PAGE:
A frequently used—at least, by soil scientists—definition for soil health is “the continued capacity of soil to function as a vital living system […] to sustain biological productivity, maintain the quality of air and water environments, and promote plant, animal, and human health” (Doran et al. 1996). Many different indicators—chemical, physical, and biological—are used to assess soil health.
Figure 1. Potatoes are economically important crops in many irrigated areas of the Pacific Northwest. Here, potatoes are harvested near Pasco, Washington. Photo: Athena Loos.
Growing potatoes is notoriously hard on the physical and biological health of soil (Figure 1). Potato production in many areas of the Pacific Northwest involves seven or more soil disturbance operations, leaves little residue on the field, and often involves the use of fumigants to control soilborne diseases. The economics of potato production often drive growers to utilize short rotations. But a suite of strategies are possible to improve soil health in potato production, including cover crops, rotating with perennial crops and crops that contribute high levels of residues, and incorporation of organic amendments. While growing green manure crops for biofumigation has probably achieved the most success and adoption in the region (see producer Dale Gies as an example), in this article I focus on a more challenging strategy that has received limited attention, but may have more direct climate change implications: tillage reduction. Continue reading →
Like other ecosystems, forests store carbon both above and below ground. Photo: Chris Schnepf.
Ten years ago, when I visited with forest owners about climate change, there was a fair amount discussion about what was happening or not, and all the politics surrounding it. But one of the topics landowners were intrigued about—regardless of the extent to which they believed climate was changing—was carbon markets. Forest owners were excited about the prospect of a revenue stream for things they were doing well on their forest, that would result in more carbon being sequestered.
The connection between soil health and carbon sequestration are complex, but advances in soil biology are teasing them out. Photo: Ron Nichols/USDA NRCS under CC BY 2.0.
A number of recent AgClimate.net articles focused on soil health (see for example this article on a soil health NRCS resource and one on decomposition of wheat residues research). These articles commented on why soil health is important from a climate change perspective: more carbon-rich organic matter in the soil contributes to soil health, and also means less carbon as carbon dioxide in the atmosphere. So the potential exists for a win-win situation. As most things in life and agriculture, the connections between improved soil health and increased carbon sequestration are not as simple as they sound. Check out Andy McGuire’s elegant blog article describing why advances in soil biology—a foundational component of soil health—are important. He explains that it is not because they “change everything,” but because they help clarify why some things work and some don’t as much, and explain how complex that connection between soil health and carbon sequestration in soils appears to be. And though we may not want to hear it, we need this understanding to determine where the win-win practices that both increase soil health and sequester more carbon might realistically be. So take a few minutes to read McGuire’s article—it’s well worth the time!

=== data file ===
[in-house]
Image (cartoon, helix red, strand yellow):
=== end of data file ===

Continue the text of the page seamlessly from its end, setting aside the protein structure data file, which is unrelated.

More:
Healthy soils can build greater resilience and reduce risks in the face of more extreme and variable weather. Photo: Aaron Roth/NRCS under CC BY-ND 2.0.
Climate change is expected to increase the vulnerability of our agriculture and natural resource systems. In the face of more extreme and variable weather, there are a suite of soil health management practices that land managers can adopt to build greater resilience and to reduce risks in their agricultural operations (examples of strategies in Figure 1).
Through engagement with land managers and those who work with them, including Extension, Natural Resource Conservation Services (NRCS), and Soil and Water Conservation District (SWCD) professionals, it became clear that many of them were interested in soil health and its linkages with climate change adaptation and mitigation. As a result, Oregon NRCS and the USDA Northwest Climate Hub partnered to develop a resource to aid advisors and land managers in discussing soil health and climate resilience together. Continue reading →